The lawsuit funding business exists to offer clients the ability to financially withstand the litigation process.  The purpose of this article is to explore the ways in which the presence of pre settlement loans help attorneys.

Helping Clients

Because personal injury cases involve very serious medical conditions, plaintiffs frequently are unable to work.  This obviously creates financial pressure on individuals since their expenses still must be paid.  Disability and/or workers compensation benefits are often not available for these victims and are therefore of little help to plaintiffs.  In cases where those benefits are available, they are often woefully insufficient to cover all of plaintiff’s obligations.

I doubt any personal injury lawyer, in any jurisdiction, has not had a client ask him for money to help pay the bills while the case is pending.  Yet most state ethical rules prohibit attorneys from loaning/advancing their clients money in anticipation of a favorable outcome in their case.  Some states allow attorneys to do so, but the money must be advanced without interest.  Until the pre settlement loan business, plaintiffs simply had to hold on or worse, had to accept a lower settlement than they would have if they were not under such financial pressure.

The purpose of lawsuit funding is to help plaintiffs meet their obligations while the case is being litigated.  Clients, and by extension their counsel, are relieved of immediate financial pressure.  The case can then be litigated properly, thoroughly, and to maximum value.

Cost Analysis

Now an argument can be made that the cost of lawsuit funding outweighs any available increase in settlement value.  And it is true that lawsuit loans carry higher interest rates than car loans or other traditional forms of financing.  But analyzing only interest rates is a narrow way of looking at what lawsuit funding actually achieves for clients and their attorneys.

Simply put, whatever the situation the client is in, he is in that situation.  So the question then becomes how to help lessen the burden or otherwise better the client’s situation?

When it comes to a cost/benefit analysis, what is the value of a plaintiff keeping a roof over his head?

What would be the fees/penalties if he was forced to default on his mortgage, rent or any other obligation?

Further, since there are no restrictions on the use of the cash, plaintiffs are free to use the money as they see fit – including using the advance to make more money.  Frequently, clients use money obtained from lawsuit funding for other business opportunities.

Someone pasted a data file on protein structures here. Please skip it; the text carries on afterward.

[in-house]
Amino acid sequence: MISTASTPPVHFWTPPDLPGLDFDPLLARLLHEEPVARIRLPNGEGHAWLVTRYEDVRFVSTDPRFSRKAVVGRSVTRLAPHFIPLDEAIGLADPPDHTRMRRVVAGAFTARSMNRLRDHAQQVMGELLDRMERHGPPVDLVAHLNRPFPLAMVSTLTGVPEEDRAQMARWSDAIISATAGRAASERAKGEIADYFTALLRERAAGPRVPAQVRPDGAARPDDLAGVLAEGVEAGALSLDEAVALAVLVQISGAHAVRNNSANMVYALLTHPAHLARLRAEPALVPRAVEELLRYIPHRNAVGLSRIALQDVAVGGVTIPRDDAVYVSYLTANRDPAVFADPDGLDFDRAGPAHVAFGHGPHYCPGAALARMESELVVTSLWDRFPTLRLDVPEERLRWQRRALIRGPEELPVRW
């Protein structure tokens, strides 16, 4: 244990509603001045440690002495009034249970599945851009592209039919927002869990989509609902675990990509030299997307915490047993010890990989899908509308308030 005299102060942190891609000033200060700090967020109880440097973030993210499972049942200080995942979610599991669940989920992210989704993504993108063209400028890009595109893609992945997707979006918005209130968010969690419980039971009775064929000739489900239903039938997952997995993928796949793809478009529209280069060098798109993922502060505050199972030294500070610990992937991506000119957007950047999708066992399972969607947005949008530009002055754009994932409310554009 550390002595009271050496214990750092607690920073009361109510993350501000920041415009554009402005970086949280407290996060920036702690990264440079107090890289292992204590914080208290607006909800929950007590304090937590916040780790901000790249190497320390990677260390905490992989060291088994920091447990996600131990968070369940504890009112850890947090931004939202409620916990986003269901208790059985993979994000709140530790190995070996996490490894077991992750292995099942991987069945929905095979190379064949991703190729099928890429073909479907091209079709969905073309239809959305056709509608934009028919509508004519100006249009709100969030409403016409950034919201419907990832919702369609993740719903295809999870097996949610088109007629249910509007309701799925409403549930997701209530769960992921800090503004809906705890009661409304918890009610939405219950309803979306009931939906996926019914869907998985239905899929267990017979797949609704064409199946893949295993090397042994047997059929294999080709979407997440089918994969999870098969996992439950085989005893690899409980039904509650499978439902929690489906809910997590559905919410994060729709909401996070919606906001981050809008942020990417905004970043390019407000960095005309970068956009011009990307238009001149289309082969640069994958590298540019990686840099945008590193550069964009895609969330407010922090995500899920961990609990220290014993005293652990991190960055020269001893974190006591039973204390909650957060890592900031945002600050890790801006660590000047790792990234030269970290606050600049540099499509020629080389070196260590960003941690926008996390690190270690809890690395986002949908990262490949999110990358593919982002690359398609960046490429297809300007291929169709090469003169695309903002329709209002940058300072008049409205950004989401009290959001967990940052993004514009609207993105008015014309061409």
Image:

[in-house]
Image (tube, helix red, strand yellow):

The point is – true cost cannot be measured in general terms?  Each client brings with him a unique set of circumstances and needs so it cannot accurately be said that obtaining cash against a lawsuit is more/less costly than any other means of finding funds.

Maximum Settlement Value and More Business

Attorneys also benefit from increased case value when clients are not forced to accept less than they deserve in settlement.  Since attorneys fees are a percentage of the ultimate award for damages, attorneys see an increase in fees.  More importantly, the client is more likely to be satisfied by the final result.  This enhances the attorney’s reputation and often helps out in the settlement of other cases.

In the personal injury game, word of mouth is the most effective form of marketing.  Repeat business is derived from a successful outcomes in cases.  Life long clients are the life blood of any business.  Law practices are no different.  Clients are likely to retain counsel who is attentive to their wants, needs, and necessities.  Likewise, clients are more likely to refer their friends and family not to the attorney who scoffs at the notion of paying 35% per year in interest, but to the lawyer who will go the extra mile to help.

The bottom line is the lawsuit funding industry helps clients who want and need help.  And by helping clients, the  lawsuit funding business helps attorneys.

Thank you for your interest in the lawsuit funding business.

pmc



Source by Fair Rate Funding